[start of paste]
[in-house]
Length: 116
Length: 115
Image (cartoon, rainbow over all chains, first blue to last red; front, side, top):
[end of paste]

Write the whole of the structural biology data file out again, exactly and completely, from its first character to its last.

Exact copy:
[in-house]
Length: 116
Length: 115
Image (cartoon, rainbow over all chains, first blue to last red; front, side, top):